Who’s at fault when a car hits a jaywalker??
What if the pedestrians who are walking in the road illegally are also doing it in a deliberately taunting manner, or are walking especially slowly for the purpose of holding up traffic?
Granted, that sort of behavior might make the pedestrian appear to be an inviting target, but it actually increases the likelihood that you’ll be found guilty of a crime. If the pedestrian is drawing attention to himself and/or holding up traffic, then the ordinary reasonable driver would be expected to have enough warning of the situation to be able to avoid hitting the pedestrian. I know it’s not fair, Ariadne, but the law’s the law.
As for civil liability, that annoying, taunting, jaywalking jerk (or his next of kin) might very well sue you if you hit him with your car. In most states, such a lawsuit will come down to a question or comparative negligence, or comparative fault. Under this doctrine, the jury would be instructed to look at the extent to which both the driver and the pedestrian failed to exercise reasonable care. For example, if a jury finds that the driver was 70% at fault, and the jaywalking pedestrian was 30% at fault, the jaywalking pedestrian would be able to recover 70% of his damages (which may include medical expenses, lost wages, and compensation for pain and suffering).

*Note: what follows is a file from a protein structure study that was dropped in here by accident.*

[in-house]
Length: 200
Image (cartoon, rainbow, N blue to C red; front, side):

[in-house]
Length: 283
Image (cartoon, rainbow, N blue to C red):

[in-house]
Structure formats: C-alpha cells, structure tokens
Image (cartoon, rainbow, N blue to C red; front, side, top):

If the pedestrian was jaywalking, the jury may well conclude that he or she is at least partly at fault, but the exact percentages are determined by the jury and depend on the facts of each case.
Not every state uses “comparative negligence.” There are still a few that embrace an older rule called “contributory negligence” – and that rule makes it very hard for the jaywalker to recover any money at all. Under the contributory negligence theory, an accident victim’s failure to exercise due care prevents him or her from recovering anything in a lawsuit. In other words, if the driver can show that the pedestrian’s own carelessness contributed to the accident – even if the driver was speeding or talking on his cell phone or otherwise negligent – then the driver will not be liable to the pedestrian.
Today, the rule of contributory negligence exists in only five states and – I’m sorry to break this to you, Ariadne – Kansas is not one of them. So please drive carefully. And for the rest of you listeners, especially those who live in Kansas, I urge to wait for the signal before crossing the street!
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